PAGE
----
But what does all this have to do with us? The one thing we learn visually is that totalitarian regimes build and waste vast amounts of energy on public projects, monuments, etc , in order to satisfy some dictator’s ego, prop up the existing power structure and so on, and that democratic states on the contrary are organized so that the energy is all equally distributed based on the majority consensus, that the president and the government represent the will of the public and all kinds of other bullshit. We need to look no further than to the flamboyant neo-imperialist architecture of all the biggest government buildings across this country and most obviously in Washington DC, but also to the rather neo-stalinist statue of Dr. Martin Luther King Jr. brought to us courtesy of the Chinese artists versed in such depictions in order to understand who is in charge here. The appropriation of the image of King by the state and by that virtue his ideology of non-violence, when we all know that America is one of the most violent countries internally (high murder rates, domestic violence, etc.) , but also one which wages war with impunity on the smallest of states, reveals itself as the true horror of the last stage of capitalism before it turns into an authoritarian nightmare. What is to follow is what we would call “capitalism with Asian values” a more dynamic, but more repressive form of capitalism that no longer relies on the democratic functioning of the state, but rather on the systematic permissiveness in areas of selling and buying products and entertainment, coupled with increasingly intrusive interventions into the functioning of individual lives and their relations with others.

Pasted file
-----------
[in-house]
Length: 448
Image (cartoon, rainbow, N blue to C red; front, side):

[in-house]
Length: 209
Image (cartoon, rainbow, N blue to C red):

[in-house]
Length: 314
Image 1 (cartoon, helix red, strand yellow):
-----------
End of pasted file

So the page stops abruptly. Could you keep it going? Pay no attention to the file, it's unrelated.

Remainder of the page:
The anxiety which precedes this systematic dismantling of the existing structure reveals itself precisely through the most permissive form, entertainment. The big Hollywood studios are busy producing super hero flicks as fast as the public can consume them. What these movies show however, no matter how good or bad the movies actually are, is what in Zizekian terms would be called a reality more real than itself. In them situations are dire, crime is rampant, corruption widespread, and who else can clean up but the superhero endowed with special powers? This is our Buzludzha monument. The reigning ideology is that no matter how bad things will get, things will get back to normal in the end, due to the self-organization of the system (the system produced figures like Batman, a millionaire bent on fighting evil precisely so that he can continue to make money so that he can fight more evil). Just let capitalism do what it does best and the rest will work itself out, everything is fine. We should obviously let corporations police themselves, because they have a vested interest in keeping the system that sustains them running.